Regular watering is essential for summer bedding, vegetables, pots and hanging baskets as well as newly-planted trees, shrubs and herbaceous plants. In this short video, Alan Titchmarsh shows you how to water effectively, including where to direct the water, how much to give plants, how to tell if you’ve watered enough, and the best time of day to do it for maximum impact.
Plus, we explain how to water your plants efficiently to reduce reliance on mains water and help conserve this precious resource.
More on watering your plants
You Will Need
- Water butt
- Watering can with rose attachment
- Water-retaining granules
- Drip irrigation system
- Hose pipe with spray gun attached
Always water your plants in the cool of the evening or very early in the morning, rather than during the day, when most of the water would evaporate before getting to the plant roots.
Apply water to the base of plants where it can soak down to the roots. In hot weather, give each plant a good soak at two or three day intervals, rather than a quick sprinkle every day.
Help channel water to the roots of thirsty plants, like this tomato (see picture), by burying a flowerpot alongside it. This can be filled with water where it will soak down into the soil.
Micro-drip irrigation systems can be installed to deliver water directly to where the plants can use it. Applied slowly, water gradually soaks to the roots, rather than running off or evaporating. It will save you time and reduce the amount of water that’s wasted.
Store as much rainfall as you can in water butts collected from the roof of your house, garage, shed and greenhouse. This will be warmer and thus cause less of a shock to plant roots than mains water.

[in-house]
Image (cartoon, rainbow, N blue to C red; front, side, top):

Using the contents of your bath to water your plants is an effective way to save mains water, especially in dry weather. Catherine Mansley, BBC Gardeners’ World Magazine, explains how to use bath water in your garden, in our Quick Tips video:
Water-retaining granules can be added to the compost when planting bedding in pots, hanging baskets and other containers. The roots of the plants grow around the saturated granules to draw moisture as they need it.
If you have a lot of watering to do, a hose will save you time and effort but to make sure you only use the water you need and that it goes exactly where you want it to, use a spray gun attached to the end of your hose. Choose one that doesn’t leak or drip and look for a controllable flow option that can adjust the volume of water from 40-100%. Guns with an aerated spray control will also use less water.
Choose large pots for your plants as they won’t dry out as quickly as small ones. Group pots together to make watering easier.